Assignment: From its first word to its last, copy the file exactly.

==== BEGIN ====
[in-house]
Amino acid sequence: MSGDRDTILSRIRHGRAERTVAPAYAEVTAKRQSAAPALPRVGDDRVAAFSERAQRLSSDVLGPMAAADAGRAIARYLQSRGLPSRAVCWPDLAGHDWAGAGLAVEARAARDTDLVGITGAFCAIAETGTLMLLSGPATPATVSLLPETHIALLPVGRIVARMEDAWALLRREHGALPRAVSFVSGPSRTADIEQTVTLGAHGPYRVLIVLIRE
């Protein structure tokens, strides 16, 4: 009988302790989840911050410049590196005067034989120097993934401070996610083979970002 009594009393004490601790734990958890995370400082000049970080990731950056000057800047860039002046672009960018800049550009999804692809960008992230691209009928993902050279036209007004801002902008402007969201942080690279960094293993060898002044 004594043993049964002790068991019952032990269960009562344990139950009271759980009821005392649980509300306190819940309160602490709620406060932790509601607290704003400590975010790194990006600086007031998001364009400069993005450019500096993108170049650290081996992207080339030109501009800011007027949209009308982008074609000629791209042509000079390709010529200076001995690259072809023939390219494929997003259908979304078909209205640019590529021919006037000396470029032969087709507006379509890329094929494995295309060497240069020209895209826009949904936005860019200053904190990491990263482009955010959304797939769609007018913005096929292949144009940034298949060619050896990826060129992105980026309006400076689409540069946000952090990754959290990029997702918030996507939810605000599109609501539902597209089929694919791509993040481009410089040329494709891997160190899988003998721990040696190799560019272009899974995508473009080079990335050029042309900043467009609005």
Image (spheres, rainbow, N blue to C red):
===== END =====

[in-house]
Amino acid sequence: MSGDRDTILSRIRHGRAERTVAPAYAEVTAKRQSAAPALPRVGDDRVAAFSERAQRLSSDVLGPMAAADAGRAIARYLQSRGLPSRAVCWPDLAGHDWAGAGLAVEARAARDTDLVGITGAFCAIAETGTLMLLSGPATPATVSLLPETHIALLPVGRIVARMEDAWALLRREHGALPRAVSFVSGPSRTADIEQTVTLGAHGPYRVLIVLIRE
């Protein structure tokens, strides 16, 4: 009988302790989840911050410049590196005067034989120097993934401070996610083979970002 009594009393004490601790734990958890995370400082000049970080990731950056000057800047860039002046672009960018800049550009999804692809960008992230691209009928993902050279036209007004801002902008402007969201942080690279960094293993060898002044 004594043993049964002790068991019952032990269960009562344990139950009271759980009821005392649980509300306190819940309160602490709620406060932790509601607290704003400590975010790194990006600086007031998001364009400069993005450019500096993108170049650290081996992207080339030109501009800011007027949209009308982008074609000629791209042509000079390709010529200076001995690259072809023939390219494929997003259908979304078909209205640019590529021919006037000396470029032969087709507006379509890329094929494995295309060497240069020209895209826009949904936005860019200053904190990491990263482009955010959304797939769609007018913005096929292949144009940034298949060619050896990826060129992105980026309006400076689409540069946000952090990754959290990029997702918030996507939810605000599109609501539902597209089929694919791509993040481009410089040329494709891997160190899988003998721990040696190799560019272009899974995508473009080079990335050029042309900043467009609005």
Image (spheres, rainbow, N blue to C red):